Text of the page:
This week has six economic reports that we will be watching for their impact on mortgage rates. Despite last week’s extreme post-election volatility in the financial and mortgage markets that drove bond yields and mortgage rates significantly higher, this week could bring some of the same. The week’s data may or may not be the biggest influence on rates this week. In other words, be prepared for anything the next several days.
There is nothing of importance scheduled for release Monday, but weekend political news should drive the financial markets and mortgage rates. At the time of this posting, it appears the bond market is in for a rough open Monday, meaning we will see more heavy selling and another spike in mortgage rates. I believe there will be a point in the very near future that we will be able to shift to float recommendations for a short while as the markets correct themselves (possibly this week). Until then though, we will remain cautious and recommend you do so also if floating a rate.
The Commerce Department will give us October’s Retail Sales figures early Tuesday morning. This data measures consumer level or retail spending. It is considered extremely important to the markets because consumer spending makes up over two-thirds of the U.S. economy. It is expected to show a 0.6% increase in retail-level spending, meaning consumers spent more last month than they did in September. A larger increase in spending would be considered negative news for bonds because rising spending fuels economic growth and raises inflation concerns in the bond market. If Tuesday’s report reveals a smaller increase that indicates consumers spent less than thought, bonds should react favorably, pushing mortgage rates lower. If it shows a larger rise, mortgage rates will likely move higher.
Wednesday has two pieces of data to watch. The first is October’s Producer Price Index (PPI) at 8:30 AM ET, which is one of the two key inflation readings on tap this week. There are two portions of the index that are used- the overall reading and the core data reading. The core data is the more important of the two because it excludes more volatile food and energy prices. Signs of rapidly rising inflation make long-term securities such as mortgage-related bonds less attractive to investors and leads to higher mortgage rates. The overall reading is expected to show a 0.3% rise from September’s level while the core data is expected to rise 0.2%. Weaker than expected readings would be good news for bonds and mortgage rates, while a larger than forecasted increase in the core reading could lead to higher mortgage rates Wednesday morning.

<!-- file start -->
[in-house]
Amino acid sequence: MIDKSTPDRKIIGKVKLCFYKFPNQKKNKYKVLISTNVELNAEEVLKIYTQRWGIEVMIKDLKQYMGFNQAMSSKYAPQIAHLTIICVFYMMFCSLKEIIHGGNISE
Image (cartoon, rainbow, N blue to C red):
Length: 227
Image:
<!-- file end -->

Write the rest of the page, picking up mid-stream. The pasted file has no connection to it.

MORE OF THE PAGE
October’s Industrial Production data will come at 9:15 AM ET Wednesday. It gives us a measurement of manufacturing sector strength by tracking output at U.S. factories, mines and utilities. It is expected to reveal a 0.2% increase in production, indicating little strength in the manufacturing sector. Stronger levels of production would be considered bad news for the bond market and mortgage rates, but this report is not expected to greatly influence the markets. Therefore, it will likely take a sizable variance from forecasts for it to have a noticeable impact on Wednesday’s mortgage pricing.
Thursday has two monthly reports scheduled that may have an impact on mortgage rates. One is much more important than the other. That is October’s Consumer Price Index (CPI) from the Labor Department at 8:30 AM ET. The CPI is the sister report to Wednesday’s PPI, except it measures inflationary pressures at the consumer level of the economy and is one of the most important reports the bond market sees each month. If it reveals stronger than expected readings, indicating that inflationary pressures are rising at the consumer level, the bond market will probably react negatively and cause mortgage rates to move higher. Analysts are expecting to see a 0.4% increase in the overall reading and a 0.2% increase in the core data.
Also at 8:30 AM Thursday will be October’s Housing Starts. This report gives us an indication of housing sector strength, but usually does not have a noticeable impact on mortgage rates. I don’t expect this month’s version to be any different unless it varies greatly from analysts’ forecasts. It is expected to show an increase in starts of new homes, meaning the new home portion of the housing sector strengthened last month.
The final report of the week will come from the Conference Board at 10:00 AM ET Friday, when they release their Leading Economic Indicators (LEI) for October. This is a moderately important report that attempts to predict economic activity over the next three to six months. It is expected to show a 0.1% increase, meaning economic activity will likely rise modestly over the next couple of months. Generally speaking, this would be neutral news for bonds. However, since this data is considered only moderately important, its results need to miss forecasts by a wide margin for it to affect mortgage rates.
Overall, I don’t believe the volatility is quite done yet. It is too difficult to predict which days are the most important as any day could be extremely active if stocks make a move or election-related news breaks. I suspect we will see intraday changes to rates multiple days and possibly multiple changes at least one day. Until the markets stabilize and some type of correction takes place, it is strongly recommended that you maintain contact with your mortgage professional if you have not locked an interest rate yet.